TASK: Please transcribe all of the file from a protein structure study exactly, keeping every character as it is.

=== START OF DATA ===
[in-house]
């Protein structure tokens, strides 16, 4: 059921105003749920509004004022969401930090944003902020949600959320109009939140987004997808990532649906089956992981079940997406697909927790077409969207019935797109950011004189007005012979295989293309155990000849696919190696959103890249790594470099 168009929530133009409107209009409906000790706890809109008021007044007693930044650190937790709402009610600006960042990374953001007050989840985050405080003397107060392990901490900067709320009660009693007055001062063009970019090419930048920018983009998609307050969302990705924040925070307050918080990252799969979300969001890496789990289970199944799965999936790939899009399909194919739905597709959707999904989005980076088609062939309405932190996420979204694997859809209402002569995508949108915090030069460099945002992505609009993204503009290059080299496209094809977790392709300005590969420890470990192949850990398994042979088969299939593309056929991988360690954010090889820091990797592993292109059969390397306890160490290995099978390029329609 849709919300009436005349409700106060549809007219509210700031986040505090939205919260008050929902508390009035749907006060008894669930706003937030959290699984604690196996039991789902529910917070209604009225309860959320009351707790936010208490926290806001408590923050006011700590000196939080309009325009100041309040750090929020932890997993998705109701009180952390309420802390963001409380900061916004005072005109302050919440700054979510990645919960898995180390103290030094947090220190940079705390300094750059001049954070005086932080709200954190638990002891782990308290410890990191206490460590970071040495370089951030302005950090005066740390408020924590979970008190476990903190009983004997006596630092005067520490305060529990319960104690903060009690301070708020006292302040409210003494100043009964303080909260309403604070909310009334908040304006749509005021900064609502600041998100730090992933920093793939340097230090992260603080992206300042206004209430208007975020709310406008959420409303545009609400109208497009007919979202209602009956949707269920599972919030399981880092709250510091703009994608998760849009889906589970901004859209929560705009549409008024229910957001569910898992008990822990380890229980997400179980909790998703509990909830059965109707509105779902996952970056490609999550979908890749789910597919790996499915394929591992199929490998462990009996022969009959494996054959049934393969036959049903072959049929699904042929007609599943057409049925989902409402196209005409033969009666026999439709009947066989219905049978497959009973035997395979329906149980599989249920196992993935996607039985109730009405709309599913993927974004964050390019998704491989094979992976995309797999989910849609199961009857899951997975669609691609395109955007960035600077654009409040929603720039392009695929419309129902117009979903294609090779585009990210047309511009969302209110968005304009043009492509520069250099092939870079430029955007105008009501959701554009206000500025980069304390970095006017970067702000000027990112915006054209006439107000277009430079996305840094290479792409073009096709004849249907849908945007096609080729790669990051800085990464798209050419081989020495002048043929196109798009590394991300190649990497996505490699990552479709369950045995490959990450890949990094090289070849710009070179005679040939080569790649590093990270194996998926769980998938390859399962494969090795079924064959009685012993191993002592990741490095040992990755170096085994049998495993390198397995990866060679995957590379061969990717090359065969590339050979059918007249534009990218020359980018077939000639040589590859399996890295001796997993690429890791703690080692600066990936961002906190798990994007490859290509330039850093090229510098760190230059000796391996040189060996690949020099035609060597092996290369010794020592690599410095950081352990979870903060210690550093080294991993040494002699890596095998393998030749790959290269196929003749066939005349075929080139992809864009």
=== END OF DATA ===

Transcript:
[in-house]
């Protein structure tokens, strides 16, 4: 059921105003749920509004004022969401930090944003902020949600959320109009939140987004997808990532649906089956992981079940997406697909927790077409969207019935797109950011004189007005012979295989293309155990000849696919190696959103890249790594470099 168009929530133009409107209009409906000790706890809109008021007044007693930044650190937790709402009610600006960042990374953001007050989840985050405080003397107060392990901490900067709320009660009693007055001062063009970019090419930048920018983009998609307050969302990705924040925070307050918080990252799969979300969001890496789990289970199944799965999936790939899009399909194919739905597709959707999904989005980076088609062939309405932190996420979204694997859809209402002569995508949108915090030069460099945002992505609009993204503009290059080299496209094809977790392709300005590969420890470990192949850990398994042979088969299939593309056929991988360690954010090889820091990797592993292109059969390397306890160490290995099978390029329609 849709919300009436005349409700106060549809007219509210700031986040505090939205919260008050929902508390009035749907006060008894669930706003937030959290699984604690196996039991789902529910917070209604009225309860959320009351707790936010208490926290806001408590923050006011700590000196939080309009325009100041309040750090929020932890997993998705109701009180952390309420802390963001409380900061916004005072005109302050919440700054979510990645919960898995180390103290030094947090220190940079705390300094750059001049954070005086932080709200954190638990002891782990308290410890990191206490460590970071040495370089951030302005950090005066740390408020924590979970008190476990903190009983004997006596630092005067520490305060529990319960104690903060009690301070708020006292302040409210003494100043009964303080909260309403604070909310009334908040304006749509005021900064609502600041998100730090992933920093793939340097230090992260603080992206300042206004209430208007975020709310406008959420409303545009609400109208497009007919979202209602009956949707269920599972919030399981880092709250510091703009994608998760849009889906589970901004859209929560705009549409008024229910957001569910898992008990822990380890229980997400179980909790998703509990909830059965109707509105779902996952970056490609999550979908890749789910597919790996499915394929591992199929490998462990009996022969009959494996054959049934393969036959049903072959049929699904042929007609599943057409049925989902409402196209005409033969009666026999439709009947066989219905049978497959009973035997395979329906149980599989249920196992993935996607039985109730009405709309599913993927974004964050390019998704491989094979992976995309797999989910849609199961009857899951997975669609691609395109955007960035600077654009409040929603720039392009695929419309129902117009979903294609090779585009990210047309511009969302209110968005304009043009492509520069250099092939870079430029955007105008009501959701554009206000500025980069304390970095006017970067702000000027990112915006054209006439107000277009430079996305840094290479792409073009096709004849249907849908945007096609080729790669990051800085990464798209050419081989020495002048043929196109798009590394991300190649990497996505490699990552479709369950045995490959990450890949990094090289070849710009070179005679040939080569790649590093990270194996998926769980998938390859399962494969090795079924064959009685012993191993002592990741490095040992990755170096085994049998495993390198397995990866060679995957590379061969990717090359065969590339050979059918007249534009990218020359980018077939000639040589590859399996890295001796997993690429890791703690080692600066990936961002906190798990994007490859290509330039850093090229510098760190230059000796391996040189060996690949020099035609060597092996290369010794020592690599410095950081352990979870903060210690550093080294991993040494002699890596095998393998030749790959290269196929003749066939005349075929080139992809864009």